The probabilities of occurrence also vary (but less dramatically) in terms of the second leading digit, but for the third and fourth leading digits, there is a virtually equal chance of one, two or any other digit occurring.
The Inland Revenue's analysis
The Revenue uses a spreadsheet-based data interrogation tool called IDEA, which has the Chi Squared test built into it. What the Revenue does with sales revenue data is to:
• take the sales values: daily, weekly or whatever basis they have;
• tabulate them;
• extract the leading or test digit;
• create a frequency distribution of the test digits; and
• apply the Chi Squared test.
The table in Panel 2 shows an extract from tabulated sales data and how the Revenue takes what it calls the test digits. The data is based on a real case involving a small retail business. Note that the Revenue works from right to the left when extracting the test digits ie, pence, then tens of pence, then pounds and so on.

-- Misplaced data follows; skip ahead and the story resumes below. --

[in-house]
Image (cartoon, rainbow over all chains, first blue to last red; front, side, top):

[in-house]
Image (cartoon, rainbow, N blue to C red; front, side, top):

When it has extracted all of the test digits it derives a frequency distribution of the pence test digits, then the tens of pence digits and so on. Panel 3 gives an example of a table that the Revenue would prepare for a tens of pence test digit analysis. It shows that the business in question worked for 291 days in the year and that, of the tens of pence sales values that the business has returned, 145 of them are zeros, 14 of them are ones, 21 are twos and so on.
The Revenue assumes that all digits have an equal chance of occurring.
It uses its IDEA tool and finds that there is a one in 3.756 x 10105 chance of the client's results being a true representation of reality. From what we know of the Revenue's application of its IDEA, we can conclude that: